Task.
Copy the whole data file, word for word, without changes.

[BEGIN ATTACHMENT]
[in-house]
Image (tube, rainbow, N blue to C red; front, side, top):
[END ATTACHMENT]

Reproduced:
[in-house]
Image (tube, rainbow, N blue to C red; front, side, top):